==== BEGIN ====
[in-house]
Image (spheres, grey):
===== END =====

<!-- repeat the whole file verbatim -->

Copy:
[in-house]
Image (spheres, grey):